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The Stage.

To hold as 'twere the MIRROR up to Nature.


Embellished with superb Engravings.



By J. Wright, No. 38, St. John's Square, Clerkenwell.
And published by Vernor and Hood in the Poultry;
sold, also, by all the Booksellers in

the United Kingdom.

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OUR Volumes have been so many, and the public encouragement they have received has been so uniformby flattering, that what we have latterly offered to our Readers, in the way of PREFACE, has seldom amounted to more than a tender of our grateful acknowledgments for the favours they have shewn us. Upon a review of the past Volume, we are not conscious of having forfeited our claim to the public patronage; and we trust that the present will not manifest any departure from the principle and spirit, which first recommended the work to notice, and from that splendour of embellishment, and superior elegance of typographical execution, which distinguish it from every periodical work of a similar description.

The memoir of Sir James Mackintosh will appear in the ensuing number.

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THOUGH it be true, that, in the multitude, or major part, of dreams, there are diverse vanities, Eccles. v. 7; though it be likewise acknowledged, that whoso regardeth (o sexwv, he that leaneth, or layeth great stress, upon) dreams in general, is like him that catcheth at a shadow, and followeth after the wind, Eccles. xxxiv. 2; forasmuch as dreams have deceived many, and they have failed that put their trust in them; yet the same wise writer, from whom the two last passages are quoted, guards his remarks by the following caveat (v. 9.) Set not thy heart upon them (i. e. upon dreams), if they be not sent from the Most High in thy visitation. And we have it from an incomparably superior authority, that, in a dream, in a vision, when deep sleep falleth upon man, in slumberings upon the bed; then God openeth the ears of men, and sealeth their instructions: Job xxxiii. 15, 16.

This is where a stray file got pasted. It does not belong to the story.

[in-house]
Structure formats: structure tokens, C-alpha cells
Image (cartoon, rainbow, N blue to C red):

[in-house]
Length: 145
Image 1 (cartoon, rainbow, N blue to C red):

Examples of supernatural dreams occur so frequently in the sa cred volume, that no man can explode all dreams as vain, without exploding the Bible at the same time. God came to Abimelech, in a dream; Genesis xx. 3.-The angel of God spake to Jacob in a dream: Genesis xxxi. 11.—Very remarkable was Jacob's dream at Bethel: Gen. xxviii.-Joseph's two dreams were evidently prophetic: Gen. xxxvii.-So were those of king Pharaoh: Gen. xli.And of the Jewish soldier: Josh. vii. 13.- When God took away the spirit of prophecy from Saul, it is said that the Lord answered him not by dreams: 1 Sam. xxxviii. 6.—At Gibeon, the Lord appeared to Solomon, in a dream, by night: 1 Kings iii. 5.—Nebuchadnezzar's predictive dreams were, undeniably, from God: Dan ii. and iv.-As was Daniel's, concerning the four universal monarchies: Dan. vii.

Your old men shall dream dreams, is a promise made to Joel; and it began to have its accomplishment in Joseph, the espoused and nominal husband of the Virgin Mary. It was in a dream that the angel of the Lord appeared to this holy man, and forbade him to suspect the purity of his unsullied bride. In the same dream it was revealed to Joseph, that he should give to the Messiah the name of Jesus, because that blessed person was to save his people from

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